Thai Protest Against Amnesty Law May Attract 10,000 in Bangkok

Thailand’s biggest opposition party said as many as 10,000 people will join a protest tomorrow against efforts to pass a law that it claims will benefit former leader Thaksin Shinawatra. Stocks fell to a three-week low.

Parliament’s lower house will begin the second of three debates tomorrow on a bill that would give amnesty to people convicted of crimes linked to political clashes since the 2006 coup that ousted Thaksin. Protesters will gather at 6 p.m. local time in Bangkok, said Suthep Thaugsuban, a member of parliament for the opposition Democrat party.

The SET Index slid on concern the amnesty push may lead to a renewal of unrest that has killed more than 100 people since the coup. The government has said the law is needed to heal social divisions, while its opponents say it is designed to exonerate Thaksin as well as politicians who ordered a deadly crackdown on pro-Thaksin demonstrators in 2010.

“When they no longer listen to us in parliament, we need to use our right to protest to communicate directly with the public,” Democrat party Deputy Leader Korn Chatikavanij said today in a statement. “We will not resort to violent means, but will need the support of the public at large to pressure the government to reconsider this bill.”

The threat of renewed protests “worries investors, so they are getting out of the market now,” said Prapas Tonpibulsak, who helps manage about $5.5 billion as chief investment officer at Krungsri Asset Management Co. in Bangkok.

Stocks Slide

Thailand’s SET Index (SET) slumped 1.3 percent as of 3:45 p.m. in Bangkok, the largest decline among Asian stock benchmarks today. The SET has fallen 10 percent in the past six months, the worst performance among major global stock gauges.

Central Plaza Hotel (CENTEL) Pcl slid 2.5 percent, Erawan Group Pcl fell 4 percent, Laguna Resorts & Hotel Pcl dropped 2.8 percent and Shangri-La Hotel Bangkok (SHANG) Pcl lost 1 percent on concern that political instability may reduce tourist arrivals.

Thailand’s Internal Security Act, which gives authorities greater power to control crowds and search for weapons, has been in force around parliament and Government House since Oct. 9. Previous demonstrations by groups opposed to government efforts to change the post-coup constitution have failed to attract widespread support.

A parliamentary committee expanded the scope of the draft amnesty law earlier this month to include people accused of crimes by organizations or groups established after the coup, as well as soldiers, protesters and government officials who oversaw a crackdown on demonstrations in 2010.

‘No Anchor’

The opposition has said the law will exonerate Thaksin, who fled a jail sentence stemming from graft charges filed by an army-appointed body after his ouster. Parties linked to Thaksin have won the past five elections on support from rural areas, including the 2011 vote that brought his sister, Yingluck Shinawatra, to power.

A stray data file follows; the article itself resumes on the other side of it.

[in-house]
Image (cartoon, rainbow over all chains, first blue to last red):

“If we let Yingluck’s government and the Pheu Thai party continue using its majority to do bad things, the nation will have no anchor and will drown under this dictatorial government that aims only to benefit its family and friends,” the Democrat party’s Suthep said.

Suthep and Abhisit Vejjajiva, the opposition leader and former prime minister, face charges of authorizing soldiers to use live ammunition on pro-Thaksin demonstrators -- known as Red Shirts -- in 2010. They would also receive amnesty under the proposed law, something Abhisit has said he is opposed to.

Red Shirts

The legislation is also opposed by some members of the Red Shirts, who say soldiers and government officials should be punished for killing demonstrators in 2010. Red Shirts who oppose the amnesty law plan to hold a mass rally on Nov. 10, the Bangkok Post reported yesterday. Tomorrow’s rally may draw as many as 10,000 people, the newspaper reported today, citing Issara Somchai, a deputy leader of the Democrats.

The Democrat party “has come out to play street politics,” Suporn Atthawong, Yingluck’s deputy secretary-general, told reporters today. “Withdrawing the amnesty bill is not the government’s business, it’s up to the parliament. If you want to pressure anyone, you should pressure parliament, not the government.”

Authorities will set up checkpoints to prevent protesters from smuggling weapons into the rally site near Bangkok’s Samsen railway station, Suporn said. Abhisit’s government in 2010 blamed armed elements within the anti-government protest group for instigating violence that prompted the crackdown that killed more than 90 people.

“The government has no policy to disperse protesters or use war weapons to kill people,” Suporn said. “The prime minister will focus on negotiating.”

To contact the reporter on this story: Suttinee Yuvejwattana in Bangkok at suttinee1@bloomberg.net

To contact the editor responsible for this story: Rosalind Mathieson at rmathieson3@bloomberg.net

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